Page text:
C) Speaker of the Lok Sabha

D) Finance Minister


Answer: C) Speaker of the Lok Sabha

Explanation: The Speaker of the Lok Sabha has the authority to decide whether a bill is a Money Bill. This decision is crucial as it influences the legislative procedure the bill will follow, especially limiting the role of the Rajya Sabha in its passage​​.


Question 3:

Which one of the following is not a function of the Lok Sabha?

A) Introducing and passing Money Bills

B) Electing the President of India

C) Impeaching the President of India

D) Appointing the judges of the Supreme Court


Answer: D) Appointing the judges of the Supreme Court

Explanation: The appointment of judges to the Supreme Court is not a function of the Lok Sabha. This power rests with the President of India, who makes these appointments based on the recommendations of the Collegium. The Lok Sabha's functions include legislative, financial, and electoral roles, such as introducing Money Bills, participating in the election and impeachment of the President​​.


Question 4:

What is the term of the Lok Sabha unless dissolved sooner?

A) 4 years

B) 5 years

C) 6 years

D) Indefinite until dissolved by the President


Answer: B) 5 years

Explanation: The term of the Lok Sabha is normally five years from the date appointed for its first meeting, unless dissolved sooner by the President of India. However, during a national emergency, its term can be extended by the Parliament for a period not exceeding one year at a time​​.


Question 5:

Which constitutional amendment ended the nomination of Anglo-Indian members to the Lok Sabha?

A) 42nd Amendment

B) 91st Amendment

C) 104th Amendment

D) 101st Amendment


Answer: C) 104th Amendment

Explanation: The 104th Constitutional Amendment, passed in 2020, discontinued the practice of nominating Anglo-Indian members to the Lok Sabha and certain state legislatures. Prior to this amendment, the President of India had the discretion to nominate up to two members of the Anglo-Indian community if he/she felt the community was not adequately represented​​.


UPSC Mains Practice Question on Lok Sabha


"Despite being termed the 'Lower House,' the Lok Sabha plays a more crucial role in shaping the legislative and financial landscape of India compared to the Rajya Sabha." Discuss the statement by evaluating the powers and functions of the Lok Sabha, and analyze how these influence its dominance in the parliamentary system of India.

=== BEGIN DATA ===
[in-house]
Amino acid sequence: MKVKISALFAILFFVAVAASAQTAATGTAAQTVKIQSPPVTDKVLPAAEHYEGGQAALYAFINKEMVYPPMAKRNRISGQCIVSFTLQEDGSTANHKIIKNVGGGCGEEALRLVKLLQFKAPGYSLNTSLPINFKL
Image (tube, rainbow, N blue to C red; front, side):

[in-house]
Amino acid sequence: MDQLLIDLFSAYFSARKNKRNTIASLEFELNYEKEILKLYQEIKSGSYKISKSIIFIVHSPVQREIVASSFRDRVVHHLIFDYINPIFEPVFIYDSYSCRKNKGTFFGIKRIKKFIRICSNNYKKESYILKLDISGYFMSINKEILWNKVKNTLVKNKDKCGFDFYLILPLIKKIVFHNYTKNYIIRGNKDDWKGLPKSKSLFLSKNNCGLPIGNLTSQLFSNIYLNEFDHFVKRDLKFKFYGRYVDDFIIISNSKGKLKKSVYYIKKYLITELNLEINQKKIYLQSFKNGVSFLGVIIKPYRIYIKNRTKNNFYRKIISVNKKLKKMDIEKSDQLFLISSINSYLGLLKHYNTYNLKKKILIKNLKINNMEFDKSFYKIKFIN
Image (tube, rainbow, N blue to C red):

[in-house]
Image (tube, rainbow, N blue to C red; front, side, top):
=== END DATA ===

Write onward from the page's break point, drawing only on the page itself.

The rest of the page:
Answer Framework:


  • Define the Lok Sabha as the lower house of India's bicameral Parliament and introduce its primary role in the democratic governance of India. Highlight its extensive powers in legislative, executive, financial, judicial, and electoral domains.



1. Legislative Powers:

  • Law-Making: Detail the pivotal role of the Lok Sabha in initiating and enacting legislation, especially in areas that affect the day-to-day life of the common citizen. Mention that most bills, including Money Bills, are introduced first in the Lok Sabha.
  • Bicameral Resolution: Discuss how the Lok Sabha can override the Rajya Sabha's amendments or rejections in certain circumstances through joint sittings of Parliament, as per Article 108, thereby emphasizing its legislative dominance​​.


2. Executive Powers:

  • Government Formation: Explain that the government is formed by the party or coalition that secures a majority in the Lok Sabha, which underscores its significance in the executive domain. The Prime Minister and the Council of Ministers are primarily responsible to the Lok Sabha.
  • Accountability and Control: Elaborate on how the Lok Sabha exercises control over the council of ministers through various mechanisms like no-confidence motions, question hours, and debates​​.

3. Financial Powers:

  • Budgetary Control: Illustrate how the Union Budget is introduced first in the Lok Sabha and discuss its exclusive power to introduce Money Bills, as outlined in Article 109. Highlight that the Rajya Sabha has limited powers over such financial bills, which can only suggest amendments that are not binding on the Lok Sabha.
  • Fiscal Oversight: Discuss the role of the Lok Sabha in ensuring governmental transparency and accountability in financial matters through discussions and passing of the annual financial statement​​.


4. Judicial Powers:

  • Impeachment and Removal: Discuss the role of Lok Sabha in initiating impeachment proceedings against the President and other high officials, showcasing its judicial responsibilities and influence on ensuring the integrity of the highest offices of the country​​.


5. Electoral Powers:

  • Elections: Explain how members of the Lok Sabha are involved in the electoral processes for high offices such as the President and the Vice-President of India, thereby playing a critical role in the checks and balances system of the governance structure​​.



  • Summarize by reaffirming the Lok Sabha’s pivotal role in shaping legislative, financial, and policy directions of the country. Conclude by stating that while termed the 'Lower House,' the Lok Sabha indeed wields considerable influence and power, making it a cornerstone of India's parliamentary democracy.